I enjoy computing history and some of the mankier bits of Computing history are partly my fault, I'm even holding a dinner in the City to mark the 50th anniversary of Real Time Computing https://www.eventbrite.co.uk/e/real-time-computing-50-years-on-and-50-years-hence-tickets-32702374683, but it's a hobby, not a subject.
Firstly, there are no good texts to provide the 'common thread' that some people desire. Some books do incidents well, but I've never seen a thematic text of any value, some are interesting, but mostly because they are wrong in novel ways.
Secondly, to be done properly it is astonishingly hard. I've written IT history professionally and you find yourself explaining the economics of chip fabrication in the context of Agile vs Waterfall software development methodologies. Unless you can do this, today and without further research and not scratch your head on why they are related, you aren't qualified. I don't think I'm qualified either.
Next, it's a cop out. Teaching logic, applying set theory, expounding of floating point, the legalities of licencing, O(N) notation, and why in the name of god does VB do that is hard. History is comfortable and easy. There are no nasty error messages on the screen saying you are wrong, the kids understand stories they are told about heroes and everyone goes home happy. But not educated.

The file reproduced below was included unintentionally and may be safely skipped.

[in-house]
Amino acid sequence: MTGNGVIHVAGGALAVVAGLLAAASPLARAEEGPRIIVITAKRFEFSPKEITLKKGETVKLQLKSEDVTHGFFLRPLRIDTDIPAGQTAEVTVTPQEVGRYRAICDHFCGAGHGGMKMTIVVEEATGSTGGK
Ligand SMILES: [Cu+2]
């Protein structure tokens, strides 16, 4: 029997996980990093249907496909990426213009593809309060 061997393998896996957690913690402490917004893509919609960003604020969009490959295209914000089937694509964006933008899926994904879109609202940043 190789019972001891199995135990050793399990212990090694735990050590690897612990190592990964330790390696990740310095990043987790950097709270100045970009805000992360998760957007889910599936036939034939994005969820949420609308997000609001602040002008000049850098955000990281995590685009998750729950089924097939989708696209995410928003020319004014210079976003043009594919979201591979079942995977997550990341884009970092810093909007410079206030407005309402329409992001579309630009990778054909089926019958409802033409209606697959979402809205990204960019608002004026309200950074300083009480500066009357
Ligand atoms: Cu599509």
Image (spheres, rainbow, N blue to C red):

Computing history's big. Computing is a big thing that has been big for a long time. All you really can teach is a few anecdotes, fine but that's not a theme. There are themes, but they require a huge level of investment in time by a teacher if they are to avoid merely spouting corporate propaganda or uncritically propagating the heroic myths of Hopper and Lovelace. Imagine yourself pointing out that Hopper helped fight the Vietnam war and Lovelace was a drug addict who helped on a colossal failed government funded computer project. If you're not pointing out the bad as well as the good, then why not just shoe them Disney's Frozen instead ?
I enjoy history, I even write some, but don't pretend it is useful to the student and that has to be the measure of any structure